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Like some of the businesses PGGM invests in, its first step into private equity (PE) was small and unsure. Now, the giant Dutch healthworkers pension scheme is one of Europe’s largest investors and is set to become much bigger, with the proposals to run its PE assets, along with those of ABP, when the acquisition of NIB is completed.
“From 1982 to 1986, we made a modest start in PE with our first initial trial,” says Ad van den Ouweland, who is responsible for the fund’s growing portfolio of investments in this area.
From very early on internal discussions were taking place as to whether the labour intensive effort involved would be worthwhile in terms of returns, but by 1989, the fund was confident enough to commit 1% of total assets to PE.
“Our real big step forward was around 1996, when the decision was taken at board level to commit 4% of our assets,” he says. “At that time, we would have been well ahead of other players in this market in Continental Europe.” PGGM has taken that forward with the recent move to up its commitment even further to 6.5% of its $49bn (E44.5bn) assets, making the fund among the most significant of institutional participants in this asset class.
Van den Ouweland stresses the importance of regular investment. “We learned that we cannot be market timers here. If you omit some years, it is at the harvesting period of the cycle when you find you can really miss out.” But at the same time, he adds that the fund is never under pressure to make a certain amount of investment per year.
There is invariably a gap between what commitments the fund undertakes and the actual amount that is invested - in fact the fund is only 1.7% invested, despite its target of 4.5%. “We had a our big expansion in 1995-1996, but it inevitably takes some years before you can put the money to work.”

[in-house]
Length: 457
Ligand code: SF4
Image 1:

Ask van den Ouweland, what is most important when in investing in PE, and his response is that manager selection is the crucial factor. “You are entering a relationship that can be for 10 years or more and can be extremely difficult to exit from.” He should know, as PGGM have been investing through outside vehicles from 1982. The essential thing is to build up a global network of relationships, which is difficult for newcomers. Now with a $2bn portfolio, he confines his relationships to 25 partners. “Our strategy is to take big bites and not have 100 partnerships.” He points to the difficulties of just attending partnership meetings, with a small management team in-house. “Our aim is to have a limited number which we control well.”
These partners can be at the primary level, in country or regional or other vehicles, as well as funds of funds, and at the secondary level and quoted funds. The issue of doubling up that can occur with primary and fund of funds does not bother him, provided the quality is not compromised. Secondaries can fill a useful place with more mature portfolios, often at discounts.
PGGM has a strategic approach to diversifying on a geographical basis, with a benchmark for Europe of 20 to 50%, with a current 45% level of committed capital, the US, 20 to 40% ( current 30%), Far East 10 to 30% (15%), and emerging markets, 5 to 25% (10%). The fund also makes sure it spreads its PE portfolio across the different investment stages and styles, as well as industry sectors. So around 20% is venture capital with the balance split 40% to expansion capital and 40% to buy-outs. “We have good diversification by industry too.”
So has it paid off? Van den Ouweland says that in the period 1998, the net internal rate of return (IRR) achieved by PGGM averaged 14% per annum, which is a clear 4 percentage points out performance of the 10% return on the world equity index, he points out. “In my view, this is on a risk adjusted basis and is a proper return for the fund,” he says, adding that he hopes to get the IRR closer to 15%.
The fund has developed “an integration approach which has worked out very well for us”. Should a partnership have an IPO, he suggests sticking with the company rather than realising the investment. “In Europe this might be a very challenging area, staying with a company after it goes public and run with it through the cycle.”
PGGM is determined to bring more rigour to PE by developing research models. “We are studying whether PE can be a separate asset class within the fund.” Other areas are proxy benchmarking, risk model testing and the creation of synthetic long term track record for PE on a global basis. “We are also doing cash flow and fair market projection models, which show how the market will grow.”
But one of the biggest changes facing the PGGM’s PE team will be the amalgamation of its private equity activities with those of ABP and the National Investment Bank (NIB), once the two pension funds complete their acquisition of NIB. This will create not just a PE giant in Dutch terms, but in continental European terms.

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